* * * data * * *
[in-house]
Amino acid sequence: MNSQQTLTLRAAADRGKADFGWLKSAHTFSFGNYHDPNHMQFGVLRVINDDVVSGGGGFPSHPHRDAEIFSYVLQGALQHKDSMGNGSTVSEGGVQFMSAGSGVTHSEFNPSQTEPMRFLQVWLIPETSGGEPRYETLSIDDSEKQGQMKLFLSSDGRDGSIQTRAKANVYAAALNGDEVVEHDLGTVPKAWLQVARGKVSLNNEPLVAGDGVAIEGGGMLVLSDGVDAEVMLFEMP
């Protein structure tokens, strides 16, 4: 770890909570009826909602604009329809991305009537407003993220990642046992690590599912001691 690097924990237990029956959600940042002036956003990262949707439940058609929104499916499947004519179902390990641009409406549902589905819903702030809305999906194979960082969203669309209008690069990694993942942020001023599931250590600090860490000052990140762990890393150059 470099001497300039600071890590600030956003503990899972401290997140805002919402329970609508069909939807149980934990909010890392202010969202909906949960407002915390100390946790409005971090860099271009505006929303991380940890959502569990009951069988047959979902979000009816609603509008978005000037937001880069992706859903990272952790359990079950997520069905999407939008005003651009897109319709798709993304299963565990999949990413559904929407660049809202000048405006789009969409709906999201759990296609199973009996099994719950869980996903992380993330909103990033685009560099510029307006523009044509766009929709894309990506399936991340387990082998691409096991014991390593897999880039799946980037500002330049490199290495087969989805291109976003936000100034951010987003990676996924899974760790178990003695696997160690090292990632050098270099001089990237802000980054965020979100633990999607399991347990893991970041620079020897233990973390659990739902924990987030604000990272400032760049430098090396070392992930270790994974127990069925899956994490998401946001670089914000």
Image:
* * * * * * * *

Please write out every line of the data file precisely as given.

[in-house]
Amino acid sequence: MNSQQTLTLRAAADRGKADFGWLKSAHTFSFGNYHDPNHMQFGVLRVINDDVVSGGGGFPSHPHRDAEIFSYVLQGALQHKDSMGNGSTVSEGGVQFMSAGSGVTHSEFNPSQTEPMRFLQVWLIPETSGGEPRYETLSIDDSEKQGQMKLFLSSDGRDGSIQTRAKANVYAAALNGDEVVEHDLGTVPKAWLQVARGKVSLNNEPLVAGDGVAIEGGGMLVLSDGVDAEVMLFEMP
């Protein structure tokens, strides 16, 4: 770890909570009826909602604009329809991305009537407003993220990642046992690590599912001691 690097924990237990029956959600940042002036956003990262949707439940058609929104499916499947004519179902390990641009409406549902589905819903702030809305999906194979960082969203669309209008690069990694993942942020001023599931250590600090860490000052990140762990890393150059 470099001497300039600071890590600030956003503990899972401290997140805002919402329970609508069909939807149980934990909010890392202010969202909906949960407002915390100390946790409005971090860099271009505006929303991380940890959502569990009951069988047959979902979000009816609603509008978005000037937001880069992706859903990272952790359990079950997520069905999407939008005003651009897109319709798709993304299963565990999949990413559904929407660049809202000048405006789009969409709906999201759990296609199973009996099994719950869980996903992380993330909103990033685009560099510029307006523009044509766009929709894309990506399936991340387990082998691409096991014991390593897999880039799946980037500002330049490199290495087969989805291109976003936000100034951010987003990676996924899974760790178990003695696997160690090292990632050098270099001089990237802000980054965020979100633990999607399991347990893991970041620079020897233990973390659990739902924990987030604000990272400032760049430098090396070392992930270790994974127990069925899956994490998401946001670089914000």
Image: